I imagine that people looking for games that weren’t Twilight Imperium-sized but more friendly than Monopoly and less mindless than Chutes & Ladders were probably happy with this in 1999. Today, it’s quite possibly a good tool for teaching game basics to kids. Beyond that, it’s just a casual game that can kill an hour. Don’t avoid it like the plague, but it’s not much more than a thrift store purchase.
The fantasy land of Xidit cries out for a champion, a leader that will save it from the terrible monsters which traverse the realm! Someone noble, someone grand of vision, someone who will conscript farmers to the cause before actual trained warriors!
In Lords of Xidit, you play the role of an army commander who is identical to all other commanders except for how sweet they look (hell yeah, ninja lady). It’s a programming game in the vein of Robo Rally; you select six actions, your commander does each of them in turn, and if someone ninjas in to take whatever you wanted to get, well, too bad. At least you can’t drop into a bottomless pit.
The possible actions are few, but they’re enough. Each location has three roads leading away from it: blue, red, and black. If you choose one of those roads as your action, you travel that road from whatever location you’re in, whether you want to anymore or not. You can conscript the lowest-level unit type available in the location, assuming it’s a city; once all the possible conscripts are gone, this action does nothing. You can also do battle with a monster in a location. Or pass the move, if you think a delay will get you what you want.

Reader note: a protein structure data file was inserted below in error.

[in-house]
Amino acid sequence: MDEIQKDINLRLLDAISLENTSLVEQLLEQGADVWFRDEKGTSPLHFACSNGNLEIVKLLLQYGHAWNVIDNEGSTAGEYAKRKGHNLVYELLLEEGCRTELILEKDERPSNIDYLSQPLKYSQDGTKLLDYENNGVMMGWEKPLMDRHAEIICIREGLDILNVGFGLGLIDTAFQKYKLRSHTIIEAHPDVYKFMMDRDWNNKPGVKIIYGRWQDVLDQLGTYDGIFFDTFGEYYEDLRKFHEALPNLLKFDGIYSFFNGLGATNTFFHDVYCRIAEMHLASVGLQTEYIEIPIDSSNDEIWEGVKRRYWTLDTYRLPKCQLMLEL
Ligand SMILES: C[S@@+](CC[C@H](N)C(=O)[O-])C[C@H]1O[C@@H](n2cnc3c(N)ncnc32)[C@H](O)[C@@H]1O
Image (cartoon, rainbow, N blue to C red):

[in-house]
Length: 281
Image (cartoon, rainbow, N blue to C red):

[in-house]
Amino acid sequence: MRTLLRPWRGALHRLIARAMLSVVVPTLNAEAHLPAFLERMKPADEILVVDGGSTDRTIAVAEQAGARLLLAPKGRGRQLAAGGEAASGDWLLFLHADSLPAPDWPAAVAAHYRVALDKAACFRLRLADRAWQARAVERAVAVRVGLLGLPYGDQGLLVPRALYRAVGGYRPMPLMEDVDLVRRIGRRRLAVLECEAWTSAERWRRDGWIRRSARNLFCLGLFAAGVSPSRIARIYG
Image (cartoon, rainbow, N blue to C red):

Each monster requires a specific set of unit types to defeat it. You cannot use higher-level unit types in place of whatever’s necessary. Beating monsters earns you two of three possible rewards: lyre points, towers, or gold. There’s a different balance of these rewards on each monster, such that most of them have a pretty obvious ‘two best’ rewards, but in some cases you can’t choose those (most likely because someone has a tower built in that location, forcing you to take the other two rewards). One curious mechanic is that tiles have a monster on one side and a city in the other, which means when a city runs out of conscripts, it flips into the monster pile, to be drawn when you run low on monsters, and so on forever. (There are titans you can fight in any location, with any set of troops, if no monsters are available to be drawn.)
That’s all of the mechanics. Your goal is to score the most points in… well… it changes. And it’s not exactly the most points.